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doesn't seem to affect how teixobactin works. lewis says this may lead to a whole new approach. >> the dogma under which we operate is bacteria will always rapidly develop rapid resistance, that may be incorrect. >> reporter: professor lewis says human trials could begin in two to three years. if all goes well, could be five to six years before a new antibiotic drug could be commercially available. >> pelley: good news. we'll check the oil oil and stock markets when we come back. when the flu hits, it's a really big deal. the aches. the chills. the fever. an even bigger deal?
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>> pelley: the price of oil bounced back today up 72 cents to $48.65, but analysts believe it hasn't hit bottom. stock prices rallied the dow up more than 200 points. the f.b.i. is investigating a bombing outside the naacp office in colorado springs. the explosion yesterday shook the building but nobody was hurt. a can of gasoline next to the bomb did not ignite. mohammed ali is back tonight after three weeks in the hospital. he had a urinary tract infection. he's been battling parkinson's for years. he turns 73 next week. up next, the cartoonists take on
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the terrorists.
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cartoonists, we found out today the response will be a flood of cartoons drawn with sharp satire and stunning speed. two pencils positioned unmistakably as the next twin towers. he drew first from a cartoonist in australia ridiculing the mindset of the murderers. weapons of mass creation detailing the resilience of those fighting back. bob mankoff is the car tube editor of the the "new yorker" magazine. >> it's a terrible day for what happened to these people. it's a defining moment for what you believe in in terms of cartoons and humor. so in that way, i think something important comes out of this tragedy now. so the cartoonists have not died in vain, really. >> reporter: the message spreading fastest today? this was an attack on freedom everywhere. in the hours right after the shooting, the hash tag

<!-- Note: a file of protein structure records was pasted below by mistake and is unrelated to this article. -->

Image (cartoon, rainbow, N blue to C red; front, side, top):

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#jesusischarlie flew around the globe striking back. >> these poem whose only weapons were jokes were killed by real weapons. >> reporter: perhaps the most powerful post was this instagram. the empty desk of one of those killed posted by his daughter. dad is gone, it reads. no cartoon just a heart-breaking snapshot of real life. jim axelrod cbs news, new york. >> pelley: and that's the "cbs evening news" for tonight. for all of us at "cbs evening news" all around the world good night. captioning sponsored by cbs captioned by media access group at wgbh access.wgbh.org
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bill cosby's tv wife is standing by her man. >> phylicia rashad is speaking out about the sexual abuse allegations. >> when you first heard, women were saying they had been drugged or raped i'd never heard that before. >> her brand new interview shot today as three more accusers come forward. >> i remember waking up in a bed with mr. cosby naked. then is justin bieber bad for the calvin klein brand? >> a lot of people -- >> i think he looks muscular. how does he stack up against marky mark? >> i prepared myself for this shoot by working out a lot. also tonight -- ♪ and i ♪ >> whitney behind the scenes